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on the scene

NAC Gala

On the evening of Nov. 5 in Ottawa, the National Arts Centre annual gala was back with verve. Honorary chair of the soiree Sophie Grégoire Trudeau and Jayne Watson, CEO of the NAC Foundation, announced that north of $1-million was raised for the newly formed Adrian Burns Fund for Women Leaders in the Performing Arts. In keeping with this new fund, the event was decidedly a celebration of women in arts and it stood too as a swish send-off-of-sorts for its namesake, the aforementioned Burns. A social virtuoso and great connector in Ottawa and beyond, she has served on NAC boards for two decades including, for the past eight years, chairing the Board of Trustees (a successor, who is appointed by the federal government, in addition to the mayors of Ottawa and Gatineau, has yet to be announced). The gala evening always consists of a concert, tickets to which are always available to the public.

Headlining this year was the wildly hilarious Jann Arden, who was brilliantly backed by the NAC Orchestra with maestro Elizabeth Baird at the helm. Earlier, the NAC Orchestra was in the skilled hands of Cosette Justo Valdes, conductor of Edmonton’s Symphony Orchestra, in addition to soprano Jonelle Sills and mezzo-soprano Simona Genga, who also performed. Cocktails followed the performances, which set the tone for a late supper, given for the first time in a handful of years on the main stage inside Southam Hall. There were key supporters of the NAC including incoming chair of the NAC Foundation board Susan Glass, Gail Asper, Janice O’Born, Ann McCaig and Rhonda Cohen, wife of American Ambassador to Canada David L. Cohen, who together were on hosting duties the previous evening at Lornado, the U..S ambassador’s residence in Ottawa. The Honourable Mona Fortier, Treasury Board president, was out too, as was Christopher Deacon, NAC president and CEO.

Adrian Burns.Nolan Bryant/The Globe and Mail

Sophie Grégoire Trudeau, Adrian Burns and the Hon Vaughn Solomon Schofield.Nolan Bryant/The Globe and Mail

Maureen Eberts.Nolan Bryant/The Globe and Mail

Deputy Minister of Canadian Heritage Isabelle Mondou.Nolan Bryant/The Globe and Mail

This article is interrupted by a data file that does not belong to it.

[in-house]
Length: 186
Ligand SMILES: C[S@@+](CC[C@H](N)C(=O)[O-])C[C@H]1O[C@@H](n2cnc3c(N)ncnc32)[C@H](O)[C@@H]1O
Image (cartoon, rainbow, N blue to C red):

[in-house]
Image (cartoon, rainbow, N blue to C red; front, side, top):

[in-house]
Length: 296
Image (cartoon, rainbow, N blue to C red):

Susan Peterson d'Aquino and Thomas d'Aquino.Nolan Bryant/The Globe and Mail

Canadian Opera Company’s Centre Stage: Ensemble Studio Competition

A couple of nights earlier, at the Canadian Opera Company’s Centre Stage: Ensemble Studio Competition, soprano Karoline Podolak took home first prize in addition to the Audience Choice Award. The competition is the crescendo of a nation-wide search for this country’s future opera greats, with the top of the crop gathering in Toronto to vie for cash prizes and the chance for a spot in the company’s esteemed training program. Funds to support the career development program are also raised during the evening through tickets sold to the competition as well as a swish black-tie dinner which follows. The event is the COC’s most important social gathering for its devoted supporters, my host for the evening was one such: art collector and philanthropist Bruce Bailey, who was hosting among others, his fellow arts patrons Carol and David Appel and businessman and past COC board president Philip Deck. Near me at dinner was conductor Jacques Lacombe who led the COC orchestra earlier in the evening, across was Korin Thomas-Smith, one of the finalists, and to my left was third-prize winner River Guard. Across the room was COC board chair Jonathan Morgan, and of course COC general director Perryn Leech, who in-between courses spoke to the importance of the Ensemble Studio program, namely its ability to shape the future of opera in Canada and beyond.

Sue Mortimer and Tony Arrell.Nolan Bryant/The Globe and Mail

Adjoa Duncan and Jonathan Morgan.Nolan Bryant/The Globe and Mail

Bruce Bailey and Christie Darville.Nolan Bryant/The Globe and Mail

Victoria Lawal and third-prize winner River Guard.Nolan Bryant/The Globe and Mail

Centre stage winner Karoline Podolak.Nolan Bryant/The Globe and Mail